To us, it was exhilarating to stand within the invisible presence of these animals, to be part of their mystery, to know that they were ‘just here’ and could be anywhere. To know that at any moment we could enter a spruce forest and see the flash of thousands of antlers or crest a mountain and see a sea of tiny dots moving across the landscape. Wilderness should never be expected to act or perform to appease the desires of humankind, that is for zoos and circuses to try to contend with. And thus, for us, to enjoy the caribou (and through them wilderness), is to be in love with their mystery and to feel honored to be part of it, to feel that our presence among the signs of their recent absence is as much a part of them as to be among the flash of their antlers.

As the sunlight neared the 24 hour mark in mid-April we decided to try our hand at snow camping.

We made camp on a small knoll surrounded by tundra and went off to explore one of the mountain streams. Although we found nothing but a solid sheet of ice, we heard for the first time in about 7 months, the rush and tumble of water as it flowed under the ice. It was hard to walk away from the creek- it seemed at any moment the water would bust through and the silence of the snow-covered world we knew would disappear.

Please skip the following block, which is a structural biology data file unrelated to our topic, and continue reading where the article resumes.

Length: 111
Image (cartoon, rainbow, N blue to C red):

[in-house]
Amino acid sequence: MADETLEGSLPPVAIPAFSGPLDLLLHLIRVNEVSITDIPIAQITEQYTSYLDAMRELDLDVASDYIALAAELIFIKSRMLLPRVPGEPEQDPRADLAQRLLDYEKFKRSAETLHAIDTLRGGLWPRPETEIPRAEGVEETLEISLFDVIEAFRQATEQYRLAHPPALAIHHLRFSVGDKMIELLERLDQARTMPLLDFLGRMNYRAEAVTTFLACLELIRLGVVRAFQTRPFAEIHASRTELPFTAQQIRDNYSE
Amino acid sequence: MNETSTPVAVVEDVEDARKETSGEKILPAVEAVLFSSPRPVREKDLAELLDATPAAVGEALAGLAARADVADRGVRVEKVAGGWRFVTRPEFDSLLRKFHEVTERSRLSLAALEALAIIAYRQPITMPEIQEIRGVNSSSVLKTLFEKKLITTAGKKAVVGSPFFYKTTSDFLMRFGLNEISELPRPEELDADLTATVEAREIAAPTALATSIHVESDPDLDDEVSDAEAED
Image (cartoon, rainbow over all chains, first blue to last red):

Alas, the camping aspect of the trip was far less enjoyable. By 9 pm having been hankered down in our sleeping bags for some time due to the tundra’s lack of wood and our lack of interest in extended twig fires, we decided to cut our 5-day trip a bit short. And after one too many times of rolling off the tarp into the snow we determined ‘short’ to mean returning home at first decent light.

That night between the faint darkness colored by the pinkish clouds of sunrise/sunset, we saw our last burst of northern lights. Lying on our backs on the arctic tundra, we watched our ‘winter light’ dance and swirl into the midnight sun of spring and summer.

Soon after our snow camping experience the winter landscape started changing at a rapid speed.

The small creek nearest us broke with the sound of a jet plane and we watched in awe as walls of snow, ice, rocks and mud forced their way down the creek-bed towards the lake.